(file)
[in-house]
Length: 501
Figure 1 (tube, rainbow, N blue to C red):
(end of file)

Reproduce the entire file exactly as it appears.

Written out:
[in-house]
Length: 501
Figure 1 (tube, rainbow, N blue to C red):